'Love in Afghanistan': a Strong Girl and an American Boy
With “Love in Afghanistan,” playwright Charles Randolph Wright has written a play that covers a lot of bases and touchstone. It’s contemporary, while dealing with centuries-old customs. It’s got the familiar “Romeo and Juliet” and “Madame Butterfly” elements in it. It’s a play about the differences between men and women, Americans and Afghans, love and commitment or love versus commitment.
On the surface or at first glance, “Love in Afghanistan”—at the Cradle at Arena Stage—also appears to have powerful, original characters: Roya, a young Afghan woman, committed to working for her countrywomen, and Sayeed, her sophisticated, urbane and cosmopolitan father, both of them living among the Americans, working as interpreters. Then, there’s Duke, a swaggering, super-charming pop, rap and hip-hop star, here to entertain the troops, and his mother Desiree, a high-power business woman, living in Dubai.
At first, it’s a tale of boy-meets-girl, boy-wants-girl, girl is charmed but resists the American pop star with a keen sense of entitlement. He pushes, she yields, a little, until she finally agrees, pretending to lead him to a man that would act as his guide in a trip to Kabul, which is out of bounds for the visiting super star. The guide is actually Roya, resorting to her habit as a child of dressing up as a boy to get work and help her family, a centuries-old practice called bacha posh.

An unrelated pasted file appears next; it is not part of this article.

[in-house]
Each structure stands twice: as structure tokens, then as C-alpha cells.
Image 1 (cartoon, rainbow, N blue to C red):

Stopping for coffee, they almost become the victims of a terrorist bombing, which, since it involved Duke, makes unwanted headlines.
The halting, push-and-pull courtship of Roya, who is dedicated to the cause of Afghan women’s rights has its charms, as does Duke. However, Duke is more about what he wants, than who he wants, going to great lengths to help Roya and her father, including a trip to Dubai where some things that you might expect to happen don’t, and some that you don’t expect do.
In a play that features a pop star and a cultured father in the leads, it’s ironic that the women are the most memorable, appealing characters. They understand each other and protect each other. The men, when push comes to shove, revert to being men. The results of the play’s dramatics tend to diminish the male characters, and there’s a failure to communicate here that doesn’t quite seem believable.
Khris Davis as Duke is all way cool swagger, high energy, a kind of irresistible force that is very resistible when it comes to Roya. She’s obviously a little smitten, and she, in a nod to the irresistible force that is American hip hop and video, is familiar with the young man’s work. Duke, having been raised in the Gold Coast neighborhood of Washington, D.C., is having a hard time with his second album generating street cred. He sees Roya as a kind of object of his determined affection—at best, someone in need of his generosity and help. Oddly, the father concurs in the end.
Old prejudices and habits die hard here and makes the play a kind of halting affair. But not altogether—and that’s thanks to the remarkable actress Melis Aker, who makes Roya an unforgettable character, a strong young woman, aware of the risks, even fearful of them, busy committed to who she is. That kind of commitment may not be apparent to Duke, but Aker makes it real for the audience.